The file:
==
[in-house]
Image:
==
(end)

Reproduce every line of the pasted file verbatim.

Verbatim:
[in-house]
Image: